Database & run the interest calculation for only those accounts of the set,
    whose calculation was still pending during the previous calculation run.
    Those accounts of the SET whose Interest Calculation was complete during the
    previous run are NOT subjected to re-run.



    In such a case can COMMIT_WRITE=BATCH, NOWAIT be deployed in PRODUCTION
    environment for the respective batch job?



    Thanks indeed


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    ***INFOSYS******** End of Disclaimer ********INFOSYS***
    --
    Anjo Kolk
    Owner and Founder OraPerf Projects
    tel: +31-577-712000
    mob: +31-6-55340888

    --
    http://www.freelists.org/webpage/oracle-l
  • VIVEK_SHARMA at Sep 22, 2006 at 11:48 am
    YES Anjo - Commit is being issued after a number of Accounts i.e. 300
    A/cs by default & NOT after every A/c.

    This Number of Accounts is parameterizable within the application & may
    be changed by the User thereby changing the Commit frequency.

    Thanks so much

    From: akolk_at_oraperf.com On Behalf Of Anjo
    Kolk
    Sent: Friday, September 22, 2006 4:15 PM
    To: VIVEK_SHARMA
    Cc: oracle-l_at_freelists.org
    Subject: Re: Asynchronous Commit Feature of 10.2 - Basic Qs

    Does this batch job commit after every account or after a number of
    accounts? If it is a number of accounts, can you specify the number of
    accounts (commit frequency). If you, do that.

    If you want to play around with commit_write be prepared to take a
    backup :)

    Anjo.

    On 9/22/06, VIVEK_SHARMA wrote:

    Anjo, Folks

    Qs 1 When using COMMIT_WRITE=BATCH,NOWAIT, After a database crash, if
    the respective Application has the capability to check within the
    database for

    volume of transactions lost after complete recovery & re-play the same,
    Can the COMMIT_WRITE=BATCH,NOWAIT feature be used in such a case?

    This basically refers to periodic Batch nature of Transactions which run
    with NO intermediate User intervention.

    Anjo's reply - If the application can recover it self, yes why not.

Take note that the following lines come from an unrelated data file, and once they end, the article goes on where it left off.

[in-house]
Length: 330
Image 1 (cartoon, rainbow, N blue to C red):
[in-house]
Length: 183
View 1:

Seek the following Clarification by citing a particular example:-

    Our Banking Application runs the Interest Calculation batch Job for a
    SET of Accounts. If for any reason the Job gets aborted while underway,
    on re-starting the Application has the capability to check from within
    the Database & run the interest calculation for only those accounts of
    the set, whose calculation was still pending during the previous
    calculation run. Those accounts of the SET whose Interest Calculation
    was complete during the previous run are NOT subjected to re-run.

    In such a case can COMMIT_WRITE=BATCH, NOWAIT be deployed in PRODUCTION
    environment for the respective batch job?

    Thanks indeed

    CAUTION - Disclaimer *****************
    This e-mail contains PRIVILEGED AND CONFIDENTIAL INFORMATION intended solely for the use of the addressee(s). If you are not the intended recipient, please notify the sender by e-mail and delete the original message. Further, you are not to copy, disclose, or distribute this e-mail or its contents to any other person and any such actions are unlawful. This e-mail may contain viruses. Infosys has taken every reasonable precaution to minimize this risk, but is not liable for any damage you may sustain as a result of any virus in this e-mail. You should carry out your own virus checks before opening the e-mail or attachment. Infosys reserves the right to monitor and review the content of all messages sent to or from this e-mail address. Messages sent to or from this e-mail address may be stored on the Infosys e-mail system.